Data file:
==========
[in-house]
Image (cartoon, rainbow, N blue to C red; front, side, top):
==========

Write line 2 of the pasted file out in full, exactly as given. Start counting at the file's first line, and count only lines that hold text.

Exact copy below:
Image (cartoon, rainbow, N blue to C red; front, side, top):